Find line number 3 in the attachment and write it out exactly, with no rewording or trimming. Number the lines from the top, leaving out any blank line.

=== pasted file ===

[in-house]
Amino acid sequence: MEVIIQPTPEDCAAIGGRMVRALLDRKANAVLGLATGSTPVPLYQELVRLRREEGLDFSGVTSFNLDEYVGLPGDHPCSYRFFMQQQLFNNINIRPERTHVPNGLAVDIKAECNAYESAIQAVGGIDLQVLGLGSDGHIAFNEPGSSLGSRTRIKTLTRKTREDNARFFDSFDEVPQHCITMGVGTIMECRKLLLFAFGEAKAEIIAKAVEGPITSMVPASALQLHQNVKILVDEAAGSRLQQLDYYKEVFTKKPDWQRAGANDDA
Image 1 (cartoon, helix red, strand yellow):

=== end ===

Image 1 (cartoon, helix red, strand yellow):